Key rulers, politicians and military leaders on both sides had died in the years immediately preceding the First Crusade. “This year,” the historian Ibn Taghribirdi wrote in 1094, “is called the year of the death of caliphs and commanders.” The deaths sparked off wars of succession in both Sunni and Shia sects, further debilitating the Arab world. These sectarian divisions were exacerbated by the political disunity of the Islamic world. At first, the vast area the Arabs had conquered remained a single geopolitical entity under the Umayyad caliphs of Damascus. But the geography of the new Arab world contained several natural economic units in which separate ruling classes with interests of their own quickly developed. Distance limited the effectiveness of Umayyad rule. Nor was this the only problem. The Umayyads represented the Arab warrior aristocracy who had carried out the initial Islamic conquests and had settled in the ancient cities of Syria.
Their rule was increasingly resented by other sections of the population. The result was a revolution led by Abbasids - the cosmopolitan Persian faction within Islam. Rebels from Iran led by a descendant of the Prophet raised an army, overthrew the Umayyad caliphate, established a new dynasty, and laid down a wider and more secure base for continued Arab rule. However, the victory of the Abbasids disrupted the political cohesion of the Islamic world. During the 9th and 10th centuries, three centers of power emerged: the Abbasid caliph in Baghdad, the Fatimid caliph in Cairo (belonging to the Shia tradition, which claimed descent from the fourth caliph, Ali, and his wife Fatima, the daughter of the Prophet) and the Umayyad caliph in Cordoba, established by the last remaining prince of the Umayyads, Abdel Rahman, who managed to escape to al-Andalus. Conflicts between and within these entities overstrained state power, drained national treasuries, and further weakened the rulers. During the 11th century the Abbasid caliphate effectively collapsed. The caliph’s Seljuk Turkish mercenaries seized power for themselves.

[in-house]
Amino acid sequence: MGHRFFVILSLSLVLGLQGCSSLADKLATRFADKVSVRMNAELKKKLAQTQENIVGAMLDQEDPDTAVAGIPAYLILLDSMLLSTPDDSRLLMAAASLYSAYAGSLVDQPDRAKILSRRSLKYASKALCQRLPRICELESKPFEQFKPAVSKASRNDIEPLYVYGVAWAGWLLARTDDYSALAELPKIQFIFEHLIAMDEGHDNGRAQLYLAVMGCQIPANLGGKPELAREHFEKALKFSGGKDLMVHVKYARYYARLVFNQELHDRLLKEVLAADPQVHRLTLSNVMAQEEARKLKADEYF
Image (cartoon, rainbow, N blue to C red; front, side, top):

Islamic Resistance: Resurgence and Decline
As the Crusaders incurred the anger of large swathes of Muslim population, the Islamic states began regrouping. Northern Syria and Northern Iraq were united in 1128. Edessa was recaptured and added to the growing Islamic state in 1144. The Second Crusade of 1146-1148, organized in response to the Islamic resurgence, was an utter failure. Damascus and Southern Syria were added to the new state, and the Crusader Principality of Antioch shrank to a small coastal enclave. In 1183, Egypt was merged with the new Syrian super-state. The fusion of Egypt and Syria under the leadership of Saladin, a Kurdish warrior, greatly invigorated Muslim resistance. Saladin answered the Crusade with a call for popular jihad. On July 4, 1187, at the Battle of Hattin, Saladin, at the head of 30,000 men, destroyed the entire army of the Crusader Kingdom of Jerusalem. The recapture of the holy city followed soon after. There was nothing to compare with the wholesale massacres at Antioch and Jerusalem during the First Crusade.
Of the prisoners taken at Hattin, only one was executed (by Saladin himself), along with the Templar and Hospitaller knights, barbaric warriors who had waged a war of bigotry and genocide. Despite further expeditions, the Crusaders never recovered. Though it took a century to complete the process, their castles were reduced one by one, their territory gradually stripped away. Saladin’s victories had temporarily halted the Crusades, but the internal structures of the caliphate were permanently damaged, and new invaders were on the way. A Mongol army from Central Asia led by Hulagu Khan laid siege to Baghdad in 1258, calling on the caliph to surrender and promising that if he did so, the city would be spared. The caliph refused. The Mongol armies carried out their threat, laid waste to the city and executed the last Abbasid caliph. An entire culture perished as libraries were put to the torch.